A dance called la quebradita , which has inspired hundreds of clubs and dance halls that cater to its followers in Orange County, is generating some criticism and unwanted attention to go along with its success.
While this Latin dance entices participants much like the rumba, mambo, tango and even the lambada, its popularity has grown so fast--witnessed by an outdoor banda concert in Santa Ana attended by more than 4,000 dancers in July--that some cities including Santa Ana and La Habra are not pleased with the enthusiasm.
Officials and residents say it isn’t the fast-paced, country-Western-style dance that is at issue, but the loud banda music, which features a fast pulsating beat combined with a mixture of ranchera and norteno rhythms, is a nuisance and has brought loitering, littering and noise into their neighborhoods.
Followers of the dance say the reaction by residents, city officials, police and fire departments is overblown.
But several city officials and residents who live near the dance halls are worried that further popularity of the dance will lead to fights and violence.
Two shootings and several fights were reported in various dance halls in Santa Ana, according to police. Last year, a security guard was shot by a man denied entrance to a dance hall, and this year, during a wedding reception at another dance hall, another man was shot and killed outside the premises.
Fullerton police said they have received complaints of drunkenness in public and general rowdiness at a local bar that features quebradita dancing.
The dance fad has become so popular among Orange County’s Latino immigrant population that nightclubs turn people away at the door because it gets too crowded on the dance floors and fire officials are concerned that occupancy limits may be violated. La Rosita’s dance hall in Huntington Beach averages 1,000 people each night it features quebradita , pushing the limits of its occupancy limit.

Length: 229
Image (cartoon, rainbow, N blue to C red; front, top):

Fire officials there said they make periodic checks on the dance hall to make sure it does not exceed its limit.
In other communities, residents who live near quebradita dance halls fear the fad could be a hazard for the community.
“When you get a bunch of kids running around late at night, all kinds of trouble can happen,” said Hilda Fregoso, who lives near Peppers Restaurant in Garden Grove. “I’m sure some of these kids carry guns and paint on walls.”
Dancers and those who like to watch the fast-moving footwork say there is nothing to worry about and that all they are looking for is a place to show off their moves.
Ana Vargas, 23, and her boyfriend Jose Velazquez, 25, have been dancing together for the past two years. They picked up their tricky moves, which include tosses, swings, wraps, stomps and gyrations from watching other couples dance at clubs around the county.
The Tustin residents, originally from Guadalajara, Mexico, wear correas , or leather key chains with their home-state’s name engraved on them.
“We are not bad people,” said Velasquez.
The dance “comes from the bottom of the heart,” Velazquez said. “It’s hard to explain but it feels good. You do this dance because you want to keep alive the culture and pass it on to the kids so they can keep it alive.”
Quebradita enthusiasts said they are getting a “bad rap” by people who are confused and intimidated by their numbers.
“They think we are gang members because there are a lot of us together,” said Jesus Chavarria, 19, of El Modena. “We probably look scary to some people with our cowboy hats.”
According to La Quebradita, a magazine published in Los Angeles which boasts a 100,000 circulation in Los Angeles and Orange counties, the dance is spreading uncontrollably throughout South America and across the United States.